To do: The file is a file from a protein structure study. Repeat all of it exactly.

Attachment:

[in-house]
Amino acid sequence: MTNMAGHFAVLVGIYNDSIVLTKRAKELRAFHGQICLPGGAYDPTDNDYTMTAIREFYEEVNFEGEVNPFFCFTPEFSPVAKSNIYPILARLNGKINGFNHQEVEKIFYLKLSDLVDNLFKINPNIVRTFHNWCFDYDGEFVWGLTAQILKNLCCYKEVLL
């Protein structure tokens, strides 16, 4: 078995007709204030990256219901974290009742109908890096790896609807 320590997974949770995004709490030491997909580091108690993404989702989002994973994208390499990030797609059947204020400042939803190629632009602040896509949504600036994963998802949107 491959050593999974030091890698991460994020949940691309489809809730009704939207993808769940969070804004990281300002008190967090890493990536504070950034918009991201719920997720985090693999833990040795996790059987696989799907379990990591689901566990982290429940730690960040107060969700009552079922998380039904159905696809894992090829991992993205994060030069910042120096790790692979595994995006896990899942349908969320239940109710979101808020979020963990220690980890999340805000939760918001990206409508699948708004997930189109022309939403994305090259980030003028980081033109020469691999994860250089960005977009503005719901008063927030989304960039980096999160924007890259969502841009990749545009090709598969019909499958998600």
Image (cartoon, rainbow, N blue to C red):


[in-house]
Amino acid sequence: MTNMAGHFAVLVGIYNDSIVLTKRAKELRAFHGQICLPGGAYDPTDNDYTMTAIREFYEEVNFEGEVNPFFCFTPEFSPVAKSNIYPILARLNGKINGFNHQEVEKIFYLKLSDLVDNLFKINPNIVRTFHNWCFDYDGEFVWGLTAQILKNLCCYKEVLL
């Protein structure tokens, strides 16, 4: 078995007709204030990256219901974290009742109908890096790896609807 320590997974949770995004709490030491997909580091108690993404989702989002994973994208390499990030797609059947204020400042939803190629632009602040896509949504600036994963998802949107 491959050593999974030091890698991460994020949940691309489809809730009704939207993808769940969070804004990281300002008190967090890493990536504070950034918009991201719920997720985090693999833990040795996790059987696989799907379990990591689901566990982290429940730690960040107060969700009552079922998380039904159905696809894992090829991992993205994060030069910042120096790790692979595994995006896990899942349908969320239940109710979101808020979020963990220690980890999340805000939760918001990206409508699948708004997930189109022309939403994305090259980030003028980081033109020469691999994860250089960005977009503005719901008063927030989304960039980096999160924007890259969502841009990749545009090709598969019909499958998600």
Image (cartoon, rainbow, N blue to C red):